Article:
France's Constitutional Council gave the green light yesterday to the government's controversial "millionaire tax", to be levied on companies that pay salaries of more than €1m a year. 

The measure was introduced in line with a pledge by President Francois Hollande to make the rich do more to pull France out of crisis.

But it has infuriated business leaders and soccer clubs, which at one point threatened to go on strike. 

It was originally designed as a 75% tax to be paid by high earners on the portion of annual income exceeding €1m, but the council rejected it last year, saying it was unfair.

France's top administrative court later said that 66% was the legal maximum for individuals.

The French government has since reworked the tax to levy it on companies instead, raising the ire of entrepreneurs.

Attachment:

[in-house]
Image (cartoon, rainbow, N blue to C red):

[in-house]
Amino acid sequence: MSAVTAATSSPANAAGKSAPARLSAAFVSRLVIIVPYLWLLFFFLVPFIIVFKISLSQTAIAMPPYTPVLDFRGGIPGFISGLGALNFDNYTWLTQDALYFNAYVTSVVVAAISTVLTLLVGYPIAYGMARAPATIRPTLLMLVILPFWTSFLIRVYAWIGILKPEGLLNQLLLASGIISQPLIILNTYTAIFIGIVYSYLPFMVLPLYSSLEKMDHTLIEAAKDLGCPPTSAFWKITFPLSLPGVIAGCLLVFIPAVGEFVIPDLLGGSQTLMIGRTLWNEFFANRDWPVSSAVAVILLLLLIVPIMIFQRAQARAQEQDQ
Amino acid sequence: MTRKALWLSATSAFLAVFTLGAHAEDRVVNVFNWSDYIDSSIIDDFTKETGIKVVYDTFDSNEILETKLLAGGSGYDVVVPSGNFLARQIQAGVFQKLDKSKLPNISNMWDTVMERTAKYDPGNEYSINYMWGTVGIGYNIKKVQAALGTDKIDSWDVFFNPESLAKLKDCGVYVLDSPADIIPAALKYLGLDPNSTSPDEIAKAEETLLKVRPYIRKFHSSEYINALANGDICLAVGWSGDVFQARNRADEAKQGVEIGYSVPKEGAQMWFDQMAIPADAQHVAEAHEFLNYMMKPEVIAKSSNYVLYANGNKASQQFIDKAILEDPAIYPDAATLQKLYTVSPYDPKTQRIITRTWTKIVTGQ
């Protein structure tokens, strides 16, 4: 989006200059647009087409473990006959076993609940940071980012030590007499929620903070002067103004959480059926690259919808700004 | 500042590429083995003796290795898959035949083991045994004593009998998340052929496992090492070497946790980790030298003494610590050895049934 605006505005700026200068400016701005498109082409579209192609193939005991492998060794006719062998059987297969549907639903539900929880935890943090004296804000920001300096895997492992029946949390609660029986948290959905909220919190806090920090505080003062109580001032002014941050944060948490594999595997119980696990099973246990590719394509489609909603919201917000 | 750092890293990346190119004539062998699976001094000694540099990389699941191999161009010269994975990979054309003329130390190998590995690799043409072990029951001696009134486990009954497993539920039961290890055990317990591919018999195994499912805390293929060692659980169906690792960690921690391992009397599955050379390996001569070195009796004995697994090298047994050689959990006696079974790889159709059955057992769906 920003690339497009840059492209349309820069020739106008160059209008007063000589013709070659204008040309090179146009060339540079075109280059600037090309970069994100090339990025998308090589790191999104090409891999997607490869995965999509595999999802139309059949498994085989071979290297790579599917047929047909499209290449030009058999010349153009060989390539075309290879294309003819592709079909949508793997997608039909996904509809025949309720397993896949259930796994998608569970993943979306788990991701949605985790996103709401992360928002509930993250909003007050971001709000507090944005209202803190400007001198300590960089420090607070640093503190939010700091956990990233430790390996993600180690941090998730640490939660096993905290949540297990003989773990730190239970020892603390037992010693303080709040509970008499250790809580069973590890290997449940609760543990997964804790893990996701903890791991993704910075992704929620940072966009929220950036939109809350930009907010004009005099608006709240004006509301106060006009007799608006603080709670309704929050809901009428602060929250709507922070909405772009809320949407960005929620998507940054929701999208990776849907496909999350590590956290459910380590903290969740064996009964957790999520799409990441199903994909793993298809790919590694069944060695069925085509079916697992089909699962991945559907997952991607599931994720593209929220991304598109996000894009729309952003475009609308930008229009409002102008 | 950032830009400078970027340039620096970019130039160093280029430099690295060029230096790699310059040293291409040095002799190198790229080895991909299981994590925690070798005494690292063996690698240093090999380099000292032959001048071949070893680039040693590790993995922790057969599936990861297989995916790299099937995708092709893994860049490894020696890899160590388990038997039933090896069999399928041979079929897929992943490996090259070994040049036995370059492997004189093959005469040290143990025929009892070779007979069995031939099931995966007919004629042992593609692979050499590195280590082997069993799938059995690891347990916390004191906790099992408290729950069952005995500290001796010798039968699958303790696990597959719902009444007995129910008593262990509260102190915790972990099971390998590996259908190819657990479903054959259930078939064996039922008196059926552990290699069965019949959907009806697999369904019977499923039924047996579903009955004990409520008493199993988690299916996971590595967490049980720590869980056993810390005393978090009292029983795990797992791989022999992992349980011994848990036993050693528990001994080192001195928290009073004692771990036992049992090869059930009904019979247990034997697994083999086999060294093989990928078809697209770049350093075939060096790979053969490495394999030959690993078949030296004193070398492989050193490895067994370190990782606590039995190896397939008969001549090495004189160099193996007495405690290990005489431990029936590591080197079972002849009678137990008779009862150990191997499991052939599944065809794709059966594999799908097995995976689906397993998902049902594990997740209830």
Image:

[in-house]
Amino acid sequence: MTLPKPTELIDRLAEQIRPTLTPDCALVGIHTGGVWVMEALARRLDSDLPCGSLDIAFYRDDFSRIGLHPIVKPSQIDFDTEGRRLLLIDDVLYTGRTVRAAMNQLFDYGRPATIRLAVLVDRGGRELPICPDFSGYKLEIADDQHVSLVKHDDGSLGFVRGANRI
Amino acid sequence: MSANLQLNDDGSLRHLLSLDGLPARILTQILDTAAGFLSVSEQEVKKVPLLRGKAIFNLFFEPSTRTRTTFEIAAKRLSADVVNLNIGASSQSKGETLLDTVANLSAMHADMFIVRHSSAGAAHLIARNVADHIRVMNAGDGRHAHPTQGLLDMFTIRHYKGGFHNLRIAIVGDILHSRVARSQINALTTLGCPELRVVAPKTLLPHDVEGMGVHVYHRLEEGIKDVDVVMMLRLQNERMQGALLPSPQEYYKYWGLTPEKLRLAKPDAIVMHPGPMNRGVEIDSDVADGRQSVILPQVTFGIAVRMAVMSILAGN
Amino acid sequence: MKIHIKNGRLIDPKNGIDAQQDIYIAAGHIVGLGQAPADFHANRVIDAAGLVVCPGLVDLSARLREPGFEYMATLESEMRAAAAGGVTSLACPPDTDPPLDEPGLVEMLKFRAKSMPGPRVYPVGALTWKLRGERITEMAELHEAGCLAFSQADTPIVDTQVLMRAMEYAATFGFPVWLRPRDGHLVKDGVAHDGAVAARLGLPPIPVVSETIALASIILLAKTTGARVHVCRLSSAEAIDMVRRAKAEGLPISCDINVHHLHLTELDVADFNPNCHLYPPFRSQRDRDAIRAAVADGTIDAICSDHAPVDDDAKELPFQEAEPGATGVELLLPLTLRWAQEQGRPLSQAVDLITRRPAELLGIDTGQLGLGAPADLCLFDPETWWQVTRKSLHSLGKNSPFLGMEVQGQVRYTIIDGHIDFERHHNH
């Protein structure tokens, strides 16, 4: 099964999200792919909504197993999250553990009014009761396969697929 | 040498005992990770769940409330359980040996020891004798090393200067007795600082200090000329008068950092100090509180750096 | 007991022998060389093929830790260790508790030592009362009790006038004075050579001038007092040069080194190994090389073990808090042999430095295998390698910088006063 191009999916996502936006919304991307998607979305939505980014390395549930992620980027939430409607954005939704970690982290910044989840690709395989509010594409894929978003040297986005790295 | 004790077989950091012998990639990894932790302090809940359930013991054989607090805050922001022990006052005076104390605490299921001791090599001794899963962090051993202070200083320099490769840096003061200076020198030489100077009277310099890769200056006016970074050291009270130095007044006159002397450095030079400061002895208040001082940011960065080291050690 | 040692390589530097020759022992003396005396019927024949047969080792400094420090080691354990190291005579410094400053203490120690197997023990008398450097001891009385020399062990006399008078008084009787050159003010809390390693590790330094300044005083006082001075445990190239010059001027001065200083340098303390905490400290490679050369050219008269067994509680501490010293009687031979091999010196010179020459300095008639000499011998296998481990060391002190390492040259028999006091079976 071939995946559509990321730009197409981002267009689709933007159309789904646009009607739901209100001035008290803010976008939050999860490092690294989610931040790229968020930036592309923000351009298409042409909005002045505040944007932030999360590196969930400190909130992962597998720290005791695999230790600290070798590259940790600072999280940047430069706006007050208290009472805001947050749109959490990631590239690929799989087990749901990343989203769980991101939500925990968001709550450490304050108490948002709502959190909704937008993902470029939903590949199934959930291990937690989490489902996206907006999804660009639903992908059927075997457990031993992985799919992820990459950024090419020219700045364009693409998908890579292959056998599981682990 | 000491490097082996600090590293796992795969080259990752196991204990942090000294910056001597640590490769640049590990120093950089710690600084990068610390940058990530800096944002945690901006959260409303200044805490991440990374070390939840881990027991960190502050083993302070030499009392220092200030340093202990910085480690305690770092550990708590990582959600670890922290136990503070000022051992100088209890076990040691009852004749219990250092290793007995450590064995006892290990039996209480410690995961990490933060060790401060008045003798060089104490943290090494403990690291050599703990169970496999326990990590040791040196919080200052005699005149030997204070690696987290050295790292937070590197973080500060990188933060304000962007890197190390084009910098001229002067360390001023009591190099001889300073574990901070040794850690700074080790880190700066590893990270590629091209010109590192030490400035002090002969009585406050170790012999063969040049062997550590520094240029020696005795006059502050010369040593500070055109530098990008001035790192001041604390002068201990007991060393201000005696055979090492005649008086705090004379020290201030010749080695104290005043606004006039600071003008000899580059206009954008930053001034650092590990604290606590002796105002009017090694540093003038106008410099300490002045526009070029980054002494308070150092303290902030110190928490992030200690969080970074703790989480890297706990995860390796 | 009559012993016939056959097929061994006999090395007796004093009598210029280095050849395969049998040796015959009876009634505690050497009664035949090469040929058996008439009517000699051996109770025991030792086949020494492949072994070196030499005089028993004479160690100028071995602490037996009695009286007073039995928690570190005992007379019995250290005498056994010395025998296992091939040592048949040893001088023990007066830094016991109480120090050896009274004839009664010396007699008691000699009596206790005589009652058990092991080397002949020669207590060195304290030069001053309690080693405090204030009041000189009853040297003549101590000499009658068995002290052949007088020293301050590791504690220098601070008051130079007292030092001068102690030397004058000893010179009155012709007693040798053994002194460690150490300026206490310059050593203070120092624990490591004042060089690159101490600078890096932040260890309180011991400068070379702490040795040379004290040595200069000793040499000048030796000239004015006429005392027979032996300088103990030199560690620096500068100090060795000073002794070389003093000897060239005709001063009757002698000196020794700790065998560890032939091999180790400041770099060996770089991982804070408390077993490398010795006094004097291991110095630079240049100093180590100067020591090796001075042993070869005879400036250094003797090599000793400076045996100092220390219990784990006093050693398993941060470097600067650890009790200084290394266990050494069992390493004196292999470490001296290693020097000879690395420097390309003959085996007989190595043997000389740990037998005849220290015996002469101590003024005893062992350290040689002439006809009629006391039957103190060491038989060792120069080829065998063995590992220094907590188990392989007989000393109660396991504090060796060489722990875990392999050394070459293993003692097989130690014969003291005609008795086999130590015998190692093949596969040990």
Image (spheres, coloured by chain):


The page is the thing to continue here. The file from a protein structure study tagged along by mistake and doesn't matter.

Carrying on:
Under its new design, which the council found constitutional, the tax will be a 50% levy on the portion of wages above €1m in 2013 and 2014.

Including social contributions, the rate will effectively remain about 75%, though the tax will be capped at 5% of a company's turnover.

The tax is expected to affect about 470 companies and a dozen soccer clubs, and is forecast to raise approximately €210m a year.

The Constitutional Council, a court comprising judges and former French presidents, has the power to annul laws if they are deemed to violate the constitution.